When we first moved to Scotland we had no idea we were moving into an area that was once known as the ‘berry capital of Europe’. But come Summer time, as the road side stalls sprang up everywhere it quickly became apparent that finding berries was not going to be a problem!
I had never attempted to make jam as it seemed quite complicated, but when I came home from the berry farm one day with a pallet (!) of raspberries and two buckets of strawberries, I thought I might give it a bash. Turns out – jam making is not as difficult as I’d thought! In fact, it’s very simple, and makes a lovely gift.
If you’re looking for a sweet treat to give to your guests at your wedding, jam is the perfect option. Made with love by your very own hand and with loads of ways to display your jars prettily, you’re sure to win over your friends and family with this delicious fruity dessert.
What you will need (this recipe made 5 x full 225g jars)
- 1kg fresh plums (or other fruit if you prefer)
- 500g granulated sugar
- 2 tablespoons lemon juice
- A knob of butter (approx 30g)
- 100ml cold water
- Jars of choice ( I got mine from Big W)
- Heavy based saucepan
Step 1. Wash and cut up your chosen fruit, removing pips and stalks as you go. Weigh fruit after removing pips to ensure you still have the correct weight. I cut mine into quarters, but you can cut your fruit smaller if you prefer a smoother jam.
Step 2. Place fruit, lemon juice and water into your large, heavy based saucepan, and bring to the boil, stirring frequently. Reduce the heat and simmer until the plums have softened, about 25 minutes.
Step 3. Whilst on a low heat, add the sugar and stir until dissolved. Stir in the butter to reduce frothing. Once melted, turn the heat up and stir continuously until the jam is at a boil.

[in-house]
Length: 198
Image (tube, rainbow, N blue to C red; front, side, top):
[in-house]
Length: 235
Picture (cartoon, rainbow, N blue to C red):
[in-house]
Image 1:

Step 4. Continue stirring on a high heat until the jam reaches setting point. To check you’ve reached setting point without a jam thermometer, place a plate in fridge to cool. Once the jam has boiled for approximately 10 minutes, take the plate out of the fridge and dribble some jam onto it. Leave it for a minute, and then swoosh your finger through the middle. If the jam wrinkles or holds it’s place, you’ve made it! If not, keep the jam boiling another few minutes and check again.
Note – my recipe has much less sugar than most as I prefer my jam to be a little tart! However, this does mean it can set a little runnier than most. Best to give it a practice run before the big day to make sure you have jam the way you like it!
Step 5. While your jam is bubbling away, sterilise your jars. I wash mine in hot soapy water and then rinse with boiling water (watch your fingers – tongs will come in handy!). Then I pop the jars and the lids (except the rubber sealed part) in a baking tray and in the oven to dry. Once you’re ready to fill your jars, take them out of the oven and carefully place near your pot of jam, making sure they’re still warm.
Step 6. Take the saucepan off the stove top and spoon your jam into your jars. Be careful, as this can be messy (and hot!), so take your time and pop down some paper to catch any drips. If you’re planning on doing a lot of jars, a funnel may be a good investment! Put the lids on and place the jars somewhere safe to cool.
Once they’re cool you can add tags, fabric tops, or anything that takes your fancy! Just make sure to keep some for yourself!
Ms Chinoiserie: So yummy – there is nothing more delicious than home made jam! It never lasts long in our house – and is such a heartfelt gift.
About Nicola Goring – I’m Nicola, the florist and crafter behind rubyandjoy. I’m a gardening, fabric loving, mint tea drinking, brownie baking, book obsessed maker! I love a good adventure having just moved back from five years in Scotland (with my lovely Scottish husband).